By Dr Neil Faulkner
Last updated 2011-02-17
Iron Age coins
The Leicestershire hoards - Amateur archaeologist Ken Wallace recently discovered that a field near his Leicestershire home contained over 3,000 coins of the Iron Age (700 BC-AD 50) - the largest number ever recorded from a single site in Britain.
Other finds included a Roman cavalryman's gilded parade-helmet, and enormous quantities of pig bone, spread across the ground like a pavement. The coin pits were enclosed by a boundary ditch with an elaborate entrance. The site must have been a sanctuary dedicated to an unknown Celtic god.
Coins of the Corieltauvi - Silver tends to corrode, and these coins needed expert conservation work at the British Museum. They were then studied by the museum's expert 'numismatists' (coin specialists). The coins belonged to the Corieltauvi tribe, who controlled most of the East Midlands and the whole of Lincolnshire in the Late Iron Age (100 BC-AD 50).
The first coins used in Britain were 'Gallo-Belgic' types, imported from continental Europe from about 150 BC onwards. Then around 70 BC new home-produced 'British derivative' types appeared, and by about 30 BC many had inscriptions giving the name of a ruler and perhaps his title, lineage and capital.
The Corieltauvi began minting coins a few decades later than the south-eastern tribes. Their gold issues were decorated with stylised horses, the silver ones with realistic and finely engraved boars, and abbreviated names such as VEP, AVN AST and ESVP RASV were soon added.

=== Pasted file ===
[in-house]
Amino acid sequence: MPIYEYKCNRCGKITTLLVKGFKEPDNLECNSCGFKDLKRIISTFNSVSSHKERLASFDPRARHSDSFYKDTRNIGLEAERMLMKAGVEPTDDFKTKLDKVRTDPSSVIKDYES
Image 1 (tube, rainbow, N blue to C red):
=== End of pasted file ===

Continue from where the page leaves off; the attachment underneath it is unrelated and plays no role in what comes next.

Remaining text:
How were the coins made? - Blanks were made from molten metal cast in clay moulds, with the bullion weight of each precisely controlled, and these were then hammered flat to form 'flans'. For most coins - which had images on both sides - there were then two dies, a lower one for the obverse image, which was slightly concave to hold the flan in place, and an upper one for the reverse, which was convex and placed over the top.
The coin was 'struck' when a single hammer blow impressed the images on the dies into the hot, softened metal of the flan.
What were the coins used for? - The mint-masters doubtless guarded the 'mysteries' of their trade, and were revered as 'magicians'. The patrons who commanded their services were men of power and ambition - men with political agendas and the bullion to back them. They used coins to reward followers, cement alliances through 'gift-exchange', and win divine favour with holy offerings.
Local markets still worked mainly on barter. Coins were high-value tokens of wealth, in a political power-game played out at the top of Late Iron Age society.
Found in a field in Leicestershire, by Ken Wallace while searching with a metal detector.
Discover more amazing finds at the Portable Antiquities Scheme database.
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